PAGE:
Oxalis stricta common yellow oxalis Oxalidaceae OXST; Bx, br, pb, sd, sf, up, vc, wv (Yost et al. 1991); NY (DeCandido 2001); Q, a, cu, ft, j; K, p; R, al, bm, cl, js, sv, w;


Oxalis stricta.www.plantsystematics.org

Oxalis stricta. Robbin Moran.www.plantsystematics.org (Accessed 4/2014)

Oxalis stricta is a perennial herb to 50 cm tall, colonial from long thin, pale, succulent, rhizomes, branching and sending up new shoots, roots associated with VA mycorrhizas (Brundrett and Kendrick 1988); stem usually erect, hairy, some hairs septate, base of stem often reddish; no stipules. 

Leaves alternate, 3-parted, leaflets heart-shaped, notched at tip, bright green, somewhat succulent, sour to taste, to 3 cm wide, leaf stalk unlobed. Leaves folded at midday and during night.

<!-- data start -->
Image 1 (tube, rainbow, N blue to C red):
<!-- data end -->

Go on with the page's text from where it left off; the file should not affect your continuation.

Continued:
Flowers yellow, 5-parted, radially symmetrical, petals 0.4-0.9 cm long, self-fertile (autogamous), (Mulligan and Kevan 1973), inflorescence branched with oldest flower at top. 

Fruit stalk horizontal or erect, not sharply bent downward; capsule 5-parted, green, ribbed, 0.8-1.5 cm long, hairs, if any, septate; seeds numerous, brown ridged; seeds eaten by birds and mammals. 

Wetland status: UPL. 

Frequency in NYC: Occasional.

 Origin: Apparently native to North America.

 Habitat: Open areas and part shade in disturbed soil, gardens, roadsides, trail edges. 

Notes: Plants eaten by some mammals (Martin et al. 1951). Attacked by the maize rust fungus Puccinia sorghi and other species of Puccinia (Lovett-Doust et al. 1985). Very similar to O. dillenii, difficult to distinguish.